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I was just discussing with some colleagues about Java constructors, design-patterns and good way to initialize objects with a unparametrized constructor if I normally await some parameters.

One of the older ones came up with his way of implementing always something like:

public class Foo {

public Foo() {
this(0,0,0);
}

public Foo(int a, int b, int c) {
this.a = a;
this.b = b;
this.c = c;
}
..
}

My question is, is that good style and what is its behaviour exactly?

From what I understand should be:

  • it instantiates first an Object and then calling the parametrized constructor to construct a new object of that type with that parameter settings and set its own reference to the new one. So the GC has then to delete the first created one.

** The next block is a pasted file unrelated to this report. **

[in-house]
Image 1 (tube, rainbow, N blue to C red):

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1  
It's not the constructor who instantiates an object, it's the new keyword. The constructor is only responsible for initialising the object. –  helpermethod Dec 19 '11 at 8:51
    
so it's always the new keyword that allocates the memory and the constructors are just the charging of the object? (also for c++?) –  Stefan Dec 19 '11 at 8:54

2 Answers 2

up vote 6 down vote accepted
So the GC has then to delete the first created one.

No. Only 1 instance is ever created when chaining constructors.

To answer your question, yes, it's good style, assuming you need both foo() and foo(int, int, int)

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This is known as Telescoping Constructor pattern. In Effective Java, Joshua provides alternatives with suggestions on which one to use when.

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